Second time’s the charm for Pursuit and its Swedish vanadium project
Mining & Resources
Special Report: Pursuit Minerals told investors yesterday its recent re-sampling of historical drill holes at its Airijoki project showed that the vanadium mineralisation was ‘extremely’ thick and produced very high-grade vanadium in magnetite concentrates.
Pursuit (ASX:PUR) re-assayed intercepts from the historic drill holes in August, finding vanadium intersections of substantial thickness – up to 178 metres and grades ranging from 1.33 – 2.03% V2O5 in magnetite concentrates.
Vanadium grades above 2 percent in magnetite concentrate are considered world-class.
Pursuit also found that the magnetic anomaly associated with the vanadium mineralisation covers a larger area than first expected.
Rock chip samples from the surface indicate that high-grade vanadium mineralisation extends a further 3.5km northeast of the historical drill holes.
The company says it is now planning for drilling to start early next month, subject to approvals.
Pursuit was granted an exploration license for the Airijoki Project in April this year, gaining access to two of the area’s nine historical drill holes.
It’s just one part of Pursuit’s portfolio of world-class vanadium projects in Scandinavia.
Recently, Pursuit identified a major exploration target at its Koitelainen vanadium project in Finland. Its announced plans to complete a mineral resource estimate at the project and undertake a Scoping Study early in 2019.
And the timing couldn’t be better for Pursuit.
Vanadium prices are now at their highest point since 2005, busting through US$24/lb this week.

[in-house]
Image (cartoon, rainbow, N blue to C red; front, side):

It’s the best performing battery metal in the past year and has rocketed over 300 per cent since January 2016 as demand for vanadium redox flow batteries (VRFBs) continues to grow.
VRFBs have become the preferred alternative to lithium-ion batteries for renewable, long-duration energy storage because they are cheaper and have the longest life spans, lasting more than 20 years or up to 25,000 cycles.
Current demand is about 100,000 tonnes per annum, but that is tipped to triple over the next five to six years.
And with only three large scale primary vanadium producers globally – Bushveld Minerals, Glencore, and Largo Resources – the supply squeeze looks set to continue in the near term, even with planned expansions designed to increase annual production.
That’s good news for companies such as Pursuit.
Pursuit Minerals Managing Director Jeremy Read said Pursuit was in the right commodity in the right location at the right time, particularly with the vanadium price performing so well in the last 12 months.
“The results we have obtained from the Airijoki Project in northern Sweden and also Koitelainen in Finland, show that we have built a top-class portfolio of vanadium projects, which we are able to progress very cost effectively and quickly, due to the access we have to all the historical drill core.
“Re-sampling of the historical drill core is allowing us to move our projects forwards to defining JORC compliant mineral resources in the next few months and with resource defined we can make firm decision about how to advance our portfolio of projects and create value for shareholders.” Mr Read said.